A knee ligament injury can be a sprain in which a ligament around the knee gets stretched or the ligament can be partially or completely torn. These injuries can be caused by one specific injury, such as a fall or while playing sports, or by repetitive micro-trauma over time, often referred to as overuse injuries. When a knee ligament injury occurs, there can be pain, weakness, difficulty walking or playing sports, bruising, swelling, and feelings of instability. Since each ligament in the knee provides stability in a certain direction, the patient will have instability or increased movement of the knee in certain directions, based on which ligament(s) has been injured. A physical exam is important to find out which ligament has been injured, whether the injury is partial or complete, and whether any other structures, such as the menisci, have been injured. X-rays will show any fractures, dislocations, or any evidence of arthritis. An MRI may be necessary to better image the ligaments, tendons, cartilage surfaces, and menisci to determine the extent of any injury to these structures.

 

Treatment

If the medial collateral ligament (MCL), lateral collateral ligament (LCL), or posterior cruciate ligament (PCL) has been injured, treatment will often start with non-operative treatment measures as long as these ligaments have not been completely torn.

The most common symptomatic treatment used for all types of soft tissue injuries has three approaches:

  1. R.I.C.E. treatment,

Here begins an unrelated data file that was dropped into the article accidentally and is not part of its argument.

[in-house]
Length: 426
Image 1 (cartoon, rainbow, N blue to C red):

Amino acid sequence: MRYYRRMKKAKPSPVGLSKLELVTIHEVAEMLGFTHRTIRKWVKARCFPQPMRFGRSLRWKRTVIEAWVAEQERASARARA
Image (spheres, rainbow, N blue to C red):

2. Anti-inflammatory treatment
  3. Controlled early motion and therapy.

The acronym RICE stands for Rest, ice, compression and elevation. Rest is usually done for 24-48 hours, and can include the use of slings, splints or other types of immobilizers unless otherwise advised by a physician. Ice is used for no more than 20-30 minutes at a time, three to four times per day. Ice is best applied by using an ice slush which transmits the effects of the cold sensation best and can be made by crushing ice and mixing it with water and then placing it in a zip lock plastic bag. The ice bag should not be placed in direct contact with the skin but instead should have a layer between the skin and ice bag like a towel to prevent the skin from freezing. The ice should be applied for no more than 20-30 minutes to avoid skin freezing as can occur if you fall asleep with an ice pack on your limb. Ice functions by causing the arteries to narrow the size of their lumen which in turn decreases swelling and the pain from swelling.